Update: 10/14/2020: During the last day of hearings for Supreme Court nominee Amy Coney Barrett refused to say if she accepts the science of climate change. Under questioning from Senator Kamala Harris, Barrett said she would not comment “on a very contentious matter of public debate, and I will not do that.” Read more here.
Our guest in a recent episode of our podcast, Trump on Earth, Michael Gerrard, professor of energy and environmental law at Columbia, weighed in:
Judge Barrett may not have firm views on this, but every court in the world that has addressed the issue has agreed with the scientific consensus on climate change. Views differ on role of the courts, but not on the reality of problem. We track the cases: https://t.co/epDWGJw3mP https://t.co/dp7WyTq958
— Michael Gerrard (@MichaelGerrard) October 14, 2020
It appears that President Trump has enough votes in the Senate to confirm Supreme Court nominee Amy Coney Barrett before Election Day. That means the court’s balance would tip from a 5 to 4 advantage for conservatives to 6 to 3. What would this majority mean for the environment?
For our podcast, Trump on Earth, Reid Frazier examines what the loss of RBG could mean for the environment with Ellen Gilmer, senior legal reporter for Bloomberg Law.
[But first, we take a look back at Ginsburg’s environmental legacy with Pam King and Jeremy Jacobs, reporters for E&E News. Read the transcript to that interview HERE.]
(The interviews were conducted before Amy Coney Barrett was nominated to fill Justice Ruth Bader Ginsburg’s seat on the Supreme Court.)
Listen to the full episode or read the transcript below:
(This conversation has been edited for clarity.)
Reid Frazier: We already have a 5 to 4 conservative majority on the court. What are the big ways that a 6 to 3 majority would impact the environment?
Ellen Gilmer: It could affect a lot of things. And I think the main way we would see an impact on environmental law is actually through administrative law cases. Those are cases that deal with regulations in general, whether they have to do with the environment or not. The more that this kind of regulatory law changes, the more impact it has on environmental issues.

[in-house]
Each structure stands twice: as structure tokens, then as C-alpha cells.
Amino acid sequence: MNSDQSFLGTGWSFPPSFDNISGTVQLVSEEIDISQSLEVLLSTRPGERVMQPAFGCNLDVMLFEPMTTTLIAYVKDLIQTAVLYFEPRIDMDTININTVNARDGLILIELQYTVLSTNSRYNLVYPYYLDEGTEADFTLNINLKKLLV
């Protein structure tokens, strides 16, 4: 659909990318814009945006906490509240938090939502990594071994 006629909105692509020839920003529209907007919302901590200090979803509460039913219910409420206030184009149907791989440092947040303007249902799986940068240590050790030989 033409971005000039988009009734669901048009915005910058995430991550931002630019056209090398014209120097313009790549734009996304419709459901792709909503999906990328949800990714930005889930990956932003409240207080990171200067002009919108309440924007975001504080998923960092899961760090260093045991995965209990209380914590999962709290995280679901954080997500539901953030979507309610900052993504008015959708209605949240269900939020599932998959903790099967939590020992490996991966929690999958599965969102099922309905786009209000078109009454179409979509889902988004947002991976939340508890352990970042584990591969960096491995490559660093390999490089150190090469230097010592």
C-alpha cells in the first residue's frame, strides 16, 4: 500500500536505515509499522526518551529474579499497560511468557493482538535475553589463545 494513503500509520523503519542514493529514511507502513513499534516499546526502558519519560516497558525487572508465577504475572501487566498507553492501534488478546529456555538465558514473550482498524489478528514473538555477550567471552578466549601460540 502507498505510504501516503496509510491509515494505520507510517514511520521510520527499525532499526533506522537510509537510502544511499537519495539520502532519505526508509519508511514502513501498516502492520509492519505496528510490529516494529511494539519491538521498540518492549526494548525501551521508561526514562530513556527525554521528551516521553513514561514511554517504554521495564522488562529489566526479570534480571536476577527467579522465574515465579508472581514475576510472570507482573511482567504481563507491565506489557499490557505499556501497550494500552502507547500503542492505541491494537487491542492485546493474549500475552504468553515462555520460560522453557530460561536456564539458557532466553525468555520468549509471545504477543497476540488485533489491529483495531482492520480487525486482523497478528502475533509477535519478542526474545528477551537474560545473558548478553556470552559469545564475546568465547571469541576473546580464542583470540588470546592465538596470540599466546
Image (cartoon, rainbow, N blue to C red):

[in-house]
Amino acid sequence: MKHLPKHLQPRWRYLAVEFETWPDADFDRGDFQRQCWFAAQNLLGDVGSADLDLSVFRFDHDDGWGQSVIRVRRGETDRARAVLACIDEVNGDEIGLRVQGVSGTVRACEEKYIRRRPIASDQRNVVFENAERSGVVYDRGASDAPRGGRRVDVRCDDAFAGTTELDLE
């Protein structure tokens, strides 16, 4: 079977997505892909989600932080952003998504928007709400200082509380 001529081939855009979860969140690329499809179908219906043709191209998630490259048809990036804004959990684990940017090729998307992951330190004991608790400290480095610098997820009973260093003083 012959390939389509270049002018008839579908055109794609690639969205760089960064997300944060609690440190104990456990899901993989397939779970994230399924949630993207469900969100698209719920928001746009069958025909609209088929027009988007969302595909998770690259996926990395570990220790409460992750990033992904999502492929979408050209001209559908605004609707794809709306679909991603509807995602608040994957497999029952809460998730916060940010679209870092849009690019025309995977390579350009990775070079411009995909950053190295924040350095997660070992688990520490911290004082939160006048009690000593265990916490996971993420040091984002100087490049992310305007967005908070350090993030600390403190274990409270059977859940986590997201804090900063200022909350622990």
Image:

So if we see a court that is pretty skeptical of various agencies’ power to do regulations, to do certain types of regulations, then we’re going to see that have ripple effects on environmental rules.
Reid Frazier: Does this mean if somebody sues the EPA for not following through on a regulation or the Clean Air Act or something like that, is that what we’re talking about?
Ellen Gilmer: Totally. A great example would be if the EPA, under a future Democratic administration, crafted some new climate regulations under the Clean Air Act. The Supreme Court, depending on who’s on the bench, a more conservative court would probably be more skeptical about the EPA’s power to use the Clean Air Act to address climate issues. They might say, ‘hey, we think the Clean Air Act is more about conventional air pollutants. This is a step too far beyond what Congress intended.’ That’s the kind of dynamic that we expect to see on a more conservative court. We don’t have a crystal ball, so we don’t know exactly how these kind of cases would go. But that’s something that environmental litigants would be worried about.
How Trump’s Rollbacks Will Fare
Reid Frazier: One theme we’ve been tracking for the last four years or so is, Obama created several big environmental regulations, many of them crafted towards climate. The most famous case is probably the Clean Power Plan. Trump has rolled those back. Those cases are now all in court. Are these cases that a future conservative majority would have more of a likelihood of going with the rollbacks?
Ellen Gilmer: It’s definitely possible. Something that we’ve seen on the court previously in the past couple of years is Chief Justice Roberts acting as a swing vote sometimes. That came up in a couple of really interesting cases involving the federal government’s rationale for its actions.
There were a couple cases that listeners might remember dealing with the census citizen citizenship question last year. Then this year, there was the DACA immigration case. In both of those cases, Chief Justice Roberts wrote the majority opinion and was really that kind of critical vote, siding with the traditionally liberal bloc of the court in saying neither these actions fly because the agencies involved didn’t give a reasoned explanation for what they were doing.
That’s exactly the kind of standard that’s going to come up in future deregulatory cases if cases about water jurisdiction or power plant regulations or methane regulations reach the Supreme Court.
Will a 6-3 Court Be Hostile to Climate Change?
Reid Frazier: The Clean Power Plan was a historic step forward for climate activists in terms of regulating carbon emissions. But if you kind of look at what scientists are saying about climate change, it’s not a permanent solution to climate change. If anything, it’s a first step.
What if in a Biden presidency or some future Democratic presidency, there is a version of a carbon tax or Green New Deal carbon legislation? Is it a possibility that a 6 to 3 Supreme Court could simply block or stymie any efforts to really deal with climate change?